The U.S. Senate this week began to move a temporary funding measure, known as a continuing resolution (CR). The legislation would keep appropriations at current year (fiscal year FY 2022) levels through December 16.
Between now and then, there is hope that Congressional appropriators can agree to a regular appropriations vehicle — likely a large “omnibus” package of individual funding bills, including the key measure for the Departments of Labor, Health and Human Services, and Education — for FY 2023, which starts October 1.
Passage of a regular appropriations bill before the adjournment of the current Congress is important for community colleges. While a CR would carry over current funding levels in FY 2022, an omnibus funding package will likely deliver higher funding levels for critical education and workforce programs. Most significantly, this could mean an increase in the Pell Grant maximum of $500, up from the current $6,895, for the award year that starts July 1.
But there are other potential significant increases that could come with a regular appropriations bill. These include the Strengthening Community College Training Grants program, Title III-A of the Higher Education Act (Strengthening Institutions), Child Care Access Means Parents in Schools (CCAMPIS) program and others.
A regular appropriations bill enacted in 2022 would also facilitate more timely and effective program administration by the executive branch and allow numerous grant competitions to proceed.
What a CR won’t include
Finally, a regular appropriations bill will almost certainly contain the “community project funding” that was adopted last year — a return to what previously was known as earmarks. Scores of community colleges have earmarks pending in House- and Senate-proposed FY 2023 appropriations legislation. For procedural reasons, a continuing resolution would mark the death knell of these projects.
The CR does not include funds requested by the Biden administration for the U.S. Education Department (ED) to administer the debt cancellation policy announced last month. Given the scale of the effort, President Joe Biden is expected to continue to press for this funding.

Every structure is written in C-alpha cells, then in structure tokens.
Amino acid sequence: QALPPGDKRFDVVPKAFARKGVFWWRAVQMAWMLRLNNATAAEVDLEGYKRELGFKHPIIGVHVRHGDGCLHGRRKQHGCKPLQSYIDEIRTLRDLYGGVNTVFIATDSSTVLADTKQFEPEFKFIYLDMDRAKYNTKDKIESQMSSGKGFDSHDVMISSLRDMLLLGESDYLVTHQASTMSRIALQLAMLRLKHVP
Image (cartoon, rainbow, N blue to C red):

Expectations now are that the Senate will pass the CR on Thursday, send it to the House for passage Friday, and, hopefully, the president’s signature before the current fiscal year ends. The White House has indicated its intention to sign the CR as agreed to in the Senate.
Before the current CR was advanced, there was discussion of extending the 2022 funding levels through 2023, which would be of potential benefit to Republicans, who hope to gain control of one or both chambers of Congress next year. This CR means that the government will be funded through the November elections and that Congressional appropriators will revisit funding decisions in the lame-duck session.
AACC will continue to push for a full FY 2023 spending package to deliver increases to our colleges and important programs.
Loan cancellation price tag
Also this week, the Congressional Budget Office (CBO) formally estimated the cost of Biden’s loan cancellation plan at $400 billion. According to CBO, 95% of student loan borrowers will qualify for cancellation, 90% of eligible borrowers will apply for debt cancellation, 65% of eligible borrowers received at least one Pell Grant, and 45% of eligible borrowers will see their entire balance wiped away. This last category will certainly include most community college student borrowers. CBO noted that its estimates are “highly uncertain.”
This estimate underscores the immense cost of the loan cancellation plan. For purposes of comparison, CBO’s current cost of the Pell Grant program for FY 2022 is $27.4 billion. ED continues to state that a cancellation application will be available sometime in October.